Across the world, more than 37.6 million people are currently living with the human immunodeficiency virus (HIV). In the past year alone, 15 million new cases were diagnosed. While the survival rate for people living with HIV has improved over the decades, what remains unknown is how the aggressive treatments for the disease affect one’s overall well-being and day-to-day function.
Thanks to a grant from the Texas Development Center for AIDS Research (D-CFAR), the Cizik School of Nursing at UTHealth Houston will have the opportunity to learn more about the symptoms people with HIV experience as a result of their infection and treatment.
“For many years, we have focused on keeping people with HIV alive. We have not studied the long-term effect of treatments and the impact this treatment and infection have on the quality of life,” said Meagan Whisenant, PhD, APRN, assistant professor at the Cizik School of Nursing, who will serve as principal investigator for the study. “If we can better understand how people react to antiretroviral therapies prescribed for managing HIV, we can hopefully improve patients’ adherence to treatment regimes.”
The grant from the D-CFAR totaling nearly $50,000 will allow Whisenant and her colleagues to study symptoms with the ultimate goal of developing and testing interventions for symptom management among those living with HIV to improve quality of life and adherence to treatment protocols.
Whisenant, who spent time at The University of MD Anderson Cancer Center studying patient-reported outcomes and symptoms among oncology patients, looks forward to applying this expertise creating a proactive system for monitoring symptoms among those living with HIV. Three experts in HIV clinical care and research from the Houston AIDS Research Site at the McGovern Medical School will join her, including Roberto Arduino, MD; Jordan Lake, MD, MSc; and Karen Vigil, MD. The four will work alongside Tito Mendoza, MD, and Shelley Wang, MD, both from MD Anderson Cancer Center.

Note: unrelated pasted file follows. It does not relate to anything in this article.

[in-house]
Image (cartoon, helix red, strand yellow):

“There is a huge body of knowledge out there about cancer patients and the symptoms they experience when they receive radiation and chemotherapy. When compared to those with HIV, however, there is very little. Anecdotally, we know that some people on therapies for HIV experience depression, anxiety, issues with cognitive functioning, and fatigue, but there is not enough clinical data available to help these patients properly manage their symptoms,” said Whisenant.
As part of the study, Whisenant and her fellow researchers will specifically look at factors that put people with HIV at greater risk of side effects from treatment. These factors may include gender, age, education, specific treatment regimens, stage of HIV infection, and any existing co-morbidities.
Whisenant and her team applied for the funding in July. In September, they learned that their grant was awarded. Whisenant hit the ground running, taking a crash course on the clinical management of HIV to appropriately transfer her knowledge of symptom science to a different patient population.
Whisenant and her team will enroll patients from the Harris Health System Thomas Street Health Center into the study, slated to open by the end of the year.
“I’m anxious to dive in so we can gain an understanding of the variation and patterns of symptoms among people with HIV to improve quality of life and daily functioning, treatment adherence, work productivity, and hospital and emergency department utilization,” said Whisenant.